National Geographic News wasted no time; a day before a report of another Chinese dinosaur with feathery-like structures was published in Nature,1 they already had color artwork on their news page, trumpeting the title, “T. Rex Cousin Had Feathers.” Yet Nature itself seemed ho-hum about the announcement. It was neither the cover story, nor mentioned in any news briefs in the journal. Though Nature Science Update was proud of the find, it hastened to add that the proto-feathers, as some are calling them, “are not what we would recognise as feathers today, but are their evolutionary precursors. Rather than having a central shaft and barbs, they are single flexible filaments that would have covered the dinosaur’s body like hair.” Next day, Science2 was more interested in its advanced cranium than its fuzz, and mentioned nothing about it being an ancestor of feathers or flight. A look at the illustrations in the scientific paper confirms the impression that calling these “proto-feathers” is a stretch. Any suggestion that these “integumentary structures” even had branches at all is unclear; they look like narrow, overlapping stripes on the rock, and there is no way to tell how they were attached to the skin. The filaments are only about 2 cm long and were found related to the tail and jaw bones. The team that discovered Sinornithosaurus, another “feathered” dinosaur, admitted in 2001 that “Despite these similarities, homology between the integumental filaments of Sinornithosaurus and avian feathers has been questioned.” The team that reported this new find, named Dilong paradoxus, only referred back to that paper with a cautious statement that such “filamentous integumentary structures in Jehol theropods have been interpreted as protofeathers.” They suggest that these structures might have provided thermal insulation. These beasts, about the size of large dogs, may have had trouble storing heat. Big animals, like teenage T. rex monsters (see 08/11/2004 headline), have trouble getting rid of it – that’s why elephants lose their baby hair as they grow. They did not give any indication the filaments were related to the origin of flight in any way. Another problem is that Dilong is classified as “early” in the evolution of dinosaurs, and it already had some “derived” features (i.e., fully evolved, similar to those of later descendants), while other contemporaneous groups lacked them. “The distribution of postcranial pneumatization” [hollowness in skeletal bones], for instance, “is thus very complex among coelurosaurians, rather than displaying a continuous evolutionary trend along the line to birds.” The bottom line: strange filaments apparently associated with a small, new kind of tyrannosaurid dinosaur have been found well preserved in Liaoning province, China, but no one knows quite what to make of them. They appear early on in the tyrannosaurid lineage, but are not yet known among Cretaceous monsters like T. rex. The filaments do not establish any unambiguous phylogenetic link to modern bird feathers except for superficial similarities. They look more like hair than feathers, and probably functioned as insulation.1Xu, Norell et al., “Basal tyrannosauroids from China and evidence for protofeathers in tyrannosauroids,” Nature 431, 680 – 684 (07 October 2004); doi:10.1038/nature02855.2Erik Stokstad, “T. rex Clan Evolved Head First,” Science, Vol 306, Issue 5694, 211, 8 October 2004, [DOI: 10.1126/science.306.5694.211a].This critter was no more evolving into a bird than a porcupine is, but news outlets like National Geographic are so eager to prove birds evolved from dinosaurs, you can practically sense them chomping at the bit to leap into the air themselves. Mark Norell (on the discovery team) said that Jurassic Park IV will probably portray all the monsters with feathers instead of scales. We’ve learned to be cautious about claims of feathered dinosaurs evolving into birds (see 05/06/2004, 05/19/2003 and 11/21/2002headlines, for instance). It’s going to take a lot more than a few scratch-lines on rock to make this story stick. Since dinosaurs are not all that similar to living reptiles and are all extinct, we should be open to any piece of evidence that helps us understand what they looked like: skin impressions, tracks, and now these filaments. If the filaments helped keep the little doggy dinosaurs warm, like hair does, then they were not evolving into something else; they had a function. Perhaps the young had some kind of downy covering to retain heat and lost it as adults. Avian feathers, on the other hand, are much more complex than these filaments and are designed (for birds of the air) for flight. Each creature was adapted to its environment; that shows design, not evolution. Anyone thinking the dino-bird advocates have scored yardage with this find should read this description of the difference between scales and feathers by Dr. David Menton, and also read our previous reports on problems the Darwin Party wrestles with in their own just-so stories of the evolution of feathers (see 10/30/2003 and 08/21/2001 headlines).(Visited 39 times, 1 visits today)FacebookTwitterPinterestSave分享0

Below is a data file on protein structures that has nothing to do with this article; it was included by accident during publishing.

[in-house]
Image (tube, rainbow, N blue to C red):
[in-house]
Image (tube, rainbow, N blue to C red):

A database is created so that professionally qualified South African teachers can register themselves when seeking employment in public schools.The database aims to cut down on turnaround times in filling vacant teaching posts across the country. (Image: Brand South Africa)Brand South Africa reporterThe Department of Basic Education has created a national recruitment database to ensure that qualified teachers are employed and deployed on time to schools.The database, which will keep details of professionally qualified teachers seeking employment in public schools, will also cut down on turnaround times in filling vacant teaching posts across the country.All professionally qualified South African teachers are invited to register to be added to the database. Application forms can be downloaded from the department’s website – www.education.gov.za – completed and posted or hand-delivered to the department along with copies of qualifications and academic records.Principals and school governing bodies on the lookout for new teachers can easily access the database to find people who meet the criteria of the posts they are trying to fill.All the information – including a concise version of each teacher’s curriculum vitae, verified qualifications, subjects covered and teaching experience – is electronically captured on a single spreadsheet and sorted by province, enabling quick search and filter options.Updated versions of the database will be uploaded each monthly basis to ensure that candidates who have found employment are removed and new candidates added.“The database is one of the measures employed by the department in response to delays experienced in deploying temporary teachers to vacant posts,” the department said in a statement on Wednesday.Source: South African Government News Agency.Would you like to use this article in your publication or on your website? See Using Brand South Africa material.